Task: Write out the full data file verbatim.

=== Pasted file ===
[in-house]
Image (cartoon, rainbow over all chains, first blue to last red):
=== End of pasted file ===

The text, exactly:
[in-house]
Image (cartoon, rainbow over all chains, first blue to last red):